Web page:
Detoxification: How It Works and Why It’s Important

heart-healthy diet

Written by Sue Ward, MS, CCN, nutritionist and health educator at Sanoviv Medical Institute

Do you want to feel as energetic and alive as possible each day? Most would answer “yes,” however, many of us are in poor health and don’t even realize it. We often accept low energy, unwanted body fat, constipation, a weakened immune system, and an unhealthy physical appearance as “part of life.” If you are ready to improve your health and longevity, it’s important to first understand how toxins affect us and then learn some simple things you can do to help your body reduce and eliminate them.

Detoxification is the process by which our bodies filter and remove harmful substances (toxins). We must process internal toxins or those created by normal daily metabolism (digestion, energy production, hormone synthesis) and external toxins, such as those we take in from the world around us including heavy metals like lead or arsenic. Our bodies are continually eliminating toxins through our skin, urine, feces, and lungs.

Potentially toxic substances need to be processed and eliminated from the body. The liver is the organ that does most of the work in converting these substances to forms that can leave the body either through bile or through the filtration system of the kidneys. But the liver doesn’t act alone. The kidneys are also key players in the latter stages of breaking down these compounds

There are two main phases of liver detoxification. In phase one, compounds are converted to forms that will dissolve more easily in water. In phase two, the toxic compounds go through a series of reactions to help make them less toxic and easier to excrete. It is important that adequate nutrients are available to make this process work at top efficiency.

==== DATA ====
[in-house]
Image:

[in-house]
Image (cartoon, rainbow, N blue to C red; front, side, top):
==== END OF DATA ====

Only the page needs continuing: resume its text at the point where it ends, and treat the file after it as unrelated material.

In addition to supporting the body’s detoxification systems with a healthy diet, environmental toxins should be avoided through sensible lifestyle choices. Here are six simple things you can do:

  1. Strive to eat a whole food diet. This means eating foods that are close to their natural state and avoiding highly processed food products that include additives, preservatives, and artificial sweeteners. Eating at least one whole food meal daily is a great start.
  2. Reduce personal exposure to toxins in your home environment and replace with non-toxic alternatives when possible. Household cleaners, insecticides, and mold are some examples potentially harmful household chemicals. Look to reduce your biggest sources of exposure.
  3. Increase your intake of foods that may help support liver health such as artichoke, avocado, dandelion greens, garlic, beets, broccoli, cauliflower, cabbage, lemons and limes, apples and mushrooms (shitake, reishi, maitake).
  4. Increase fiber in your diet by adding plenty of vegetables, fruits, nuts, and seeds.
  5. Drink plenty of water daily from a glass or stainless steel water bottle (avoid plastic).
  6. Nutritional supplementation that includes milk thistle may help support some of the liver’s functions.

Take these steps to put your body on the path to better health. Once you do, you will find your body in a more balanced healthy state.


Sue Ward, MS, CCN, is a nutritionist and health educator at Sanoviv Medical Institute. Located in beautiful Rosarito Beach, Mexico, Sanoviv is a fully licensed hospital that offers a unique blend of conventional, alternative, and integrative programs to help maintain good health and treat a wide range of diseases.